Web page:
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Title: The development and application of sheep monoclonal antibody technology to epitope mapping of viral synthetic peptides
Author: Flynn, James Norman
ISNI:       0000 0001 3471 5512
Awarding Body: University of Edinburgh
Current Institution: University of Edinburgh
Date of Award: 1989
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Modern Approaches to the development of novel vaccines require a thorough understanding of both how the immune system responds to antigenic challenge and the epitopes involved in the elicitation of protective immunity to the pathogen. In an attempt to define the fine specificities of the immune response in sheep to synthetic peptide antigens a system for the production of ovine monoclonal antibodies was developed. Due to the lack of suitable ovine myeloma cell lines, any attempt at the production of ovine monoclonal antibodies will require the use of heterohybridomas. A cloned sheep x mouse aminopterin sensitive heterohybridoma (cell line 1C6.3a 6T.1D7) developed and proved more efficacious than a mouse myeloma cell line or subsequently developed sheep x sheep x mouse heterohybridoma cell lines in the generation of stable heterohybridoma cell lines which secreted antibody for long periods of time in tissue culture. Following the development of 106.3a 6T.1D7 the lymphocytes in efferent lymph, lymph nodes and peripheral blood were evaluated as sources of immune B cells surtable for the generation of antibody secreting sheep x sheep x mouse heterohybridomas. Lymphocytes collected from cannulated efferent lymphatic vessels and prepared from peripheral lymph nodes were superior sources of immune B cells for monoclonal antibody production. Secondary antigenic stimulation of these tissues localised antigen specific B cells at these sites and geared the cellular machinery of B cells for immunoglobulin synthesis and release. This resulted in the generation of greater numbers of specific antibody secreting heterohybridomas when these tissues were fused on the fourth day following secondary antigenic stimulation. Having established optimal conditions for the generation of sheep monoclonal antibodies, this technology was applied to synthetic peptides of VP1 from the O^K strain of FMDV in an attempt to define the B cell epitopes recognised by the sheep immune system. Using these sheep monoclonal antibodies it was shown that by synthesising a 1+0-residue peptide of residues 114.1 - 158 and 200-213 of VP1 of FMLV in tandem separated by a di-proline spacer, unique conformational epitopes were generated which were absent from the constituent 21-residue and 19-residue peptides. These unique epitopes were not directly associated with the proline residues used as linking amino acids. These unique epitopes appear to be associated with the induction of higher serum neutralisation titres and protective immunity in sheep innoculated with the uncoupled 4O-residue peptide. The same synthetic peptides were examined for the presence of T cell epitopes and it appeared that residues 11+8-157 present in both the 1+0- and 21-residue peptides contained helper T cell epitope(s). No such helper T cell epitopes were identified within residues 200-213, and thus sheep were non-responsive to the 19-nesidue peptide when administered uncoupled. This unresponsiveness could be overcome by making a single amino acid substitution of a glycine residue for an alanine residue at position 208. These results demonstrate that by the use of sheep monoclonal antibodies and polyclonal T cells it was possible to identify epitopes important in the immunogenicity of viral synthetic peptides. The implications of these findings are discussed with regard to the generation of synthetic peptide vaccines.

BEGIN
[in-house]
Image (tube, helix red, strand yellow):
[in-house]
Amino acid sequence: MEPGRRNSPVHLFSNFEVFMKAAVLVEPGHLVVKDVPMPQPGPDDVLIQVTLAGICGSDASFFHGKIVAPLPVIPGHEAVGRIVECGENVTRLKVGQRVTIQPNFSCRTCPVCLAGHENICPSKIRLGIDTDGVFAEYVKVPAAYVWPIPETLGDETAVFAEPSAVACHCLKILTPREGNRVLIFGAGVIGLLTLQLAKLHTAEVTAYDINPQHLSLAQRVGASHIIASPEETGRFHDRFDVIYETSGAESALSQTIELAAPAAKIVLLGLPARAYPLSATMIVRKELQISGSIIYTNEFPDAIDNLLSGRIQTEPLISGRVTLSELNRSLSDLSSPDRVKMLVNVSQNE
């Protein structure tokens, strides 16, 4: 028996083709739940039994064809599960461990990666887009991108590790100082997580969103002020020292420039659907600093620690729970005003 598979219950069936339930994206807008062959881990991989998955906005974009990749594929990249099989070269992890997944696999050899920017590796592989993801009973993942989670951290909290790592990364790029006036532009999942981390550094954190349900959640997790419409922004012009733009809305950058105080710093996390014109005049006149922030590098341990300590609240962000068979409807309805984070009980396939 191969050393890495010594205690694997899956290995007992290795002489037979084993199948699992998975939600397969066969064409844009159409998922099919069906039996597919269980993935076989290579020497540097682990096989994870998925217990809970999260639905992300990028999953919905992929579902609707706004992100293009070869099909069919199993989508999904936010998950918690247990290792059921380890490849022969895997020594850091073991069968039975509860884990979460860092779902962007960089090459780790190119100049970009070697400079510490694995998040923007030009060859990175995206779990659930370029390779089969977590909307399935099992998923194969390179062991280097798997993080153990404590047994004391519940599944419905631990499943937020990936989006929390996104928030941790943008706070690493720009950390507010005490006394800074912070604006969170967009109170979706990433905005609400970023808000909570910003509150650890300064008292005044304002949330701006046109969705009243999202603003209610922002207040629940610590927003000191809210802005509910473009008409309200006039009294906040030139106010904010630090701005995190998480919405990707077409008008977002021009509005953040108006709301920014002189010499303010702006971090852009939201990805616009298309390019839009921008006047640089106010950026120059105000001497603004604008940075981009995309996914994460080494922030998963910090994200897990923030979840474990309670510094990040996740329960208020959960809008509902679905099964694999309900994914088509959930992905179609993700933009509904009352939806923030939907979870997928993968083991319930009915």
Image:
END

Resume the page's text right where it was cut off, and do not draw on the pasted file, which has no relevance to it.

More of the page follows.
Supervisor: Not available Sponsor: Not available
Qualification Name: Thesis (Ph.D.) Qualification Level: Doctoral
EThOS ID:  DOI: Not available
Keywords: Immune response in sheep